Maybe the Mate X 2 will come with a folding glass display IN CASE YOU HAVEN’T FIGURED IT OUT YET, smartphones are getting foldable in 2019, so it’s not a massive surprise to hear Corning is working on a bendable glass for flexible displays. Best known for its tough Gorilla Glass designed to stop butterfingered
Maybe the Mate X 2 will come with a folding glass display
IN CASE YOU HAVEN’T FIGURED IT OUT YET, smartphones are getting foldable in 2019, so it’s not a massive surprise to hear Corning is working on a bendable glass for flexible displays.
Best known for its tough Gorilla Glass designed to stop butterfingered buffoons from borking their smartphone screens, Corning told Wired that it’s trying its hand at flexible glass that could be ready for use within two years.
But making glass flexible yet strong enough to weather drops, bumps and scratches seems to be quite the challenge for Corning to overcome.
“In a glass solution, you’re really challenging the laws of physics, in that to get a very tight bend radius you want to go thinner and thinner, but you also have to be able to survive a drop event and resist damage,” Corning’s general manager John Bayne told Wired.
“The back of the problem we’re trying to break, the technical challenge, is, can you keep those tight 3- to 5-millimetre bend radii and also increase the damage resistance of the glass. That’s the trajectory we’re on.”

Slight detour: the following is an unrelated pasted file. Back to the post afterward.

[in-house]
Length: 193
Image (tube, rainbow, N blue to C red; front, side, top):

Current foldable phones like the Galaxy Fold and Huawei Mate X use OLED displays made from plastic polymers in order to fold up. But plastic isn’t as durable as glass, and can warp and crease if folded and unfolded time and time again.
So folding glass could be the real step for foldable phones to become a mainstream reality. The problem is putting electronics into foldable glass using current manufacturing techniques is a problem that’s yet to be overcome.
Corning has its Willow Glass that can be rolled up, but when it comes to treating it and making it durable it requires a bath in a molten salt solution. Unsurprisingly, salt corrodes the transistors needed to make a display work, meaning Willow Glass isn’t suitable for foldable phone displays.
“For this family of glasses to work, you have to have these components in the glass that are incompatible with transistors,” said Bayne.
“We have glasses we’ve sampled to customers, and they’re functional, but they’re not quite meeting all the requirements,” Bayne added. “People either want better performance against a drop event or a tighter bend radius. We can give them one or the other; the key is to give them both.”
That sounds like quite an ask, but Bayne told Wired he reckons Corning is but a couple of years away from making foldable glass that’s up to scratch for smartphone use. And he reckons that’ll come in time for when foldable phones go mainstream.
We won’t hold our breath just yet. µ